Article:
As Tony Blair hares around the country, verblessly dispensing his vision of "Your family better off" and "Your child achieving more", he seems newly rattled by the possibility of electoral mishap. Inside the Labour Party, there are reportedly fears of a pincer-like movement from two kinds of voter - disillusioned progressives and conservative types who came over to new Labour in 1997. Furious about the war in Iraq and worried about what an "unremittingly new Labour" country might look like, the first group is less inclined to vote Labour than previously, either positively or as a way to defeat the Tories. The second group has anxieties about immigration and crime, fanned by politicians and the press, and seems prepared to accept that the increased investment in public services has not yet resulted in much improvement. Recent opinion polls suggest that they may be about to revert to type.
This is the fault line on which Better or Worse? awkwardly sits. Given that Polly Toynbee is one of the most admired voices in Guardian land, the audit of Blair's second term by her and David Walker will surely sell most copies to the first constituency. Yet by fleshing out such solid achievements as increased public investment, not to mention reduced waiting lists, class sizes and crime, Toynbee and Walker could reveal a great deal to those whose world-view is formed by the eternally cynical Daily Mail.
It is less clear whether their critique will warm the hearts of dismayed Labour supporters. With the exception of one or two ultra-left headbangers, there can be few politically engaged progressives who would not admit that two terms of Labour have produced admirable improvements in our national life. But plenty of us are worried by the way those advances have been bundled up with altogether less desirable policies - and the prospect of a third Blair term surely gives us even more cause for concern.
Unfortunately, Better or Worse? does not get to grips with such misgivings. Toynbee and Walker are hamstrung by their resolutely macro perspective and ultimately positive view of the new Labour project. It is true that more resources have been allocated to the public services. But what of their uneven and malign distribution? There is no mention of the fact that though hospitals built under the private finance initiative may look impressive, they contain on average between 25 per cent and 30 per cent fewer beds than the facilities they replaced. As primary care trusts push more mobile patients towards private treatment centres, local wards are already being closed. When it comes to education, Toynbee and Walker devote no more space to the city academies programme than they do to sport in schools - and, as a consequence, underplay the importance of a snowballing initiative which embodies the idea that rapid improvement entails both private "expertise" and the dilution of equity.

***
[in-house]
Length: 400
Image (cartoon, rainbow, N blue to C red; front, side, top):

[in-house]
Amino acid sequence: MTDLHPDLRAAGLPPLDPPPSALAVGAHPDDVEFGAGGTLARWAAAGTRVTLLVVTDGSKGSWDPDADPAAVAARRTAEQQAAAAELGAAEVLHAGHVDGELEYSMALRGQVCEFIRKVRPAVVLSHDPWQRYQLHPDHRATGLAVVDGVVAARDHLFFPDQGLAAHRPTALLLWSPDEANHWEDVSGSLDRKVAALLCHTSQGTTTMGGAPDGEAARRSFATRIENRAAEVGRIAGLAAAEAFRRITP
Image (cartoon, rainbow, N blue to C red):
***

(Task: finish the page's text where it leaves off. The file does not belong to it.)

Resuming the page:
To be fair, the authors do acknowledge some of the controversies that inflame debate on the centre left. About the choice agenda, they write: "Labour MPs feared that choice clashed with equity, as of course it would. Wouldn't the middle classes manipulate choice in their favour, leaving the less well-informed the worst hospitals and clinics?" The former health secretary Alan Milburn, they agree, "would apparently let the private sector provide all health services, leaving the NHS as a commissioner". Finally, however, such thoughts amount to inconclusive caveats, rattling in the book's storm of statistics.
In a chapter on the Iraq misadventure, Toynbee and Walker's desire to steer clear of the most serious accusations against Blair causes them to enter very ill-advised territory. Though the war has undoubtedly tested their loyalty, they claim the Butler and Hutton reports merely showed "that thin evidence had been overused and overinterpreted". There is something very new Labour about that last verb.
It is easy to divine the authors' take on the Blair government from the book's most telling passages. It is of a piece with the view I have heard even from the likes of Robin Cook: that inside the most hardened Blairites, there might beat a redeemably social-democratic heart - if only confusion and reticence did not get in the way. Blair's failure to raise tax rates for the very rich is ascribed to "needless cowardice". The government's ambitions are "too low, its achievements unknit into some compelling or convincing story of a country on a journey towards somewhere".
For many of us, however, the problem with Blair, Milburn, Stephen Byers et al has never been the fuzziness and caution alleged here; on the contrary, they seem to be single-mindedly piloting the UK on a course that is antithetical to our values. Equality is being squashed by the drive towards meritocratic opportunity. Fraternity seems an increasingly faint hope, buried as it is by the individualism en-shrined in those six election pledges.
"Read it before you vote," says a sticker glued to the book's cover. Unfortunately, for all its informational clout, Better or Worse? left this disaffected Labour supporter feeling an undimmed antipathy to the Blairites, and a creeping dread of what might materialise in the wake of yet another landslide.
John Harris is the author of So Now Who Do We Vote For? (Faber & Faber, £7.99)